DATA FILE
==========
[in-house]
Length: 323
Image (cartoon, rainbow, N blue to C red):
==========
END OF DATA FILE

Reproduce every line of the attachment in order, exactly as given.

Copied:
[in-house]
Length: 323
Image (cartoon, rainbow, N blue to C red):